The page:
It doesn’t matter how you begin to talk about organ and tissue donation with your family and loved ones, it’s just important that you share your views with them.
Having the conversation can be difficult and emotive but here are some tips that might make it easier.
Why talking to your family about donation is important
If you die in circumstances in which you can donate, specialist nurses will look at the NHS Organ Donation Register to see if you had recorded a donation decision.
They will then share this information with your family and friends and will check with them if this was your latest view. If you haven’t recorded a decision then under the opt out system it will be assumed that you give your permission to donate, but your family will be asked if you had any objection to donation. This is to ensure donation does not proceed if you would not have wanted it to.
That’s why it's important to let your loved ones know your views on donation so they can honour your decision.
They can also make sure any particular needs you have in line with your faith or beliefs are taken into consideration.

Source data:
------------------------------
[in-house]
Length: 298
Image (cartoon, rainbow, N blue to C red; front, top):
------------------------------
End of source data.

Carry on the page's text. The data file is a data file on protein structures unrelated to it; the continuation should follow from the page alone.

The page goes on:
Picking a good time
You can use every everyday situations to start a discussion about organ and tissue donation. For example:
- During a meal with your family
- Leaving home for the first time
- Getting a check-up by your GP
The most important thing, is that you're sharing your wishes with them clearly and asking that they respect these if they need to confirm your decision at any point.
Pick a starting off point
You can start the conversation off by talking about the information you’ve seen on TV, in newspapers, or on social media that’s made you think about organ and tissue donation.
It's possible that members of your family may either want to opt-out of donation when the law changes in Scotland, or are already registered donors. You can discuss the new law change and ask them what they think about it or what their decision is.
Once you’ve got the conversation going...
Here are some points to consider when you chat with your family.
Explain why you’ve made your decision
Explaining why you’ve decided to be a donor, or opt-out of being a donor, is a good way to let your loved ones know your decision.
Make sure your family know the facts
Some people might not know much about the organ and tissue donation system in Scotland, or organ and tissue donation at all - and that's ok.
Pointing people in the right direction to find more information will help ensure everyone is on the same page and can make fully informed decisions.
You can find lots of information about organ and tissue donation in Scotland on the Organ Donation Scotland website.
Visit Young Scot's Organ & Tissue Donation information pages.